parents drag in their listless teenagers by the ears — only to find diabetes
in their blood. Asthma and hypertension are also common, he added.
It is not clear whether or to what extent any of these illnesses can
be traced to the PCB's. Diets have changed since he was a child here, Dr.
Kelly said, and like other Americans, the Mohawks are nowhere near as physically
active as they once were. "Times change, no doubt about it," Dr. Kelly
said. "And in this instance, not for the better."
The nurse practitioner at the clinic, Beverly Cook Jackson, takes a
larger, blunter view. "Losing our connection to the earth has had a negative
impact on our people, and that makes us sick," she said. "It's not just
PCB's. But I don't think it helps if you can't even drink your water."
Scientists have concluded that even low levels of PCB exposure here
could have caused more serious illnesses than previously detected. "That
small relationship we expect to see correlated with reduced I.Q., with
poor performance in school, with some abnormality in growth, particularly
sexual maturation, and increased susceptibility to certain chronic diseases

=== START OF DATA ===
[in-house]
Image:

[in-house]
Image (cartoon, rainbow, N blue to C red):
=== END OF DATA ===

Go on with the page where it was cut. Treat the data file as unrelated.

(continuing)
such as thyroid disease and diabetes," said Dr. David Carpenter, of the
public health school at the State University in Albany. "This has adversely
affected their health."
The E.P.A. is conducting its own national study of the health effects
of PCB's, including on the thyroid.
Today, Mr. Thompson has diabetes. Four of his five siblings have thyroid
disorders. His sister Marilyn had her thyroid gland removed when a tumor
was discovered there. All six of her children have asthma; two of them
have learning disabilities; another suffers from a thyroid condition; a
2-year-old granddaughter was born with a muscle disorder that has affected
her motor skills. One family member had 14 miscarriages.
Ms. Thompson, 48, finds it hardest to talk about how PCB's might have
seeped into her children's bodies. She nursed all but one of her children.
"I just thought my kids would be healthier," she said.
Does she think she could have passed on the poisons to her babies that
way? "Now I do," she said flatly. "Then I didn't."
From her window, Ms. Thompson can see the tower of the G.M. plant, just
beyond the snow. If she squints, she can almost picture the children as
they once foraged through the dump. "When they put the cap on it," she
said, "they had their men in white suits. White suits! Our kids are riding
on three-wheelers out there and they never even notified us. I ask myself
— Why? Because we are just native people? I look at that every day and
I get so angry."
A General Motors spokesman, Gerry Holmes, dismisses that notion, and
says the company wants to continue its cleanup. Ms. Cervantes, of the E.P.A.,
credits the company for the progress that has been made so far. "There's
absolutely work that needs to be done," she said, "and work that's already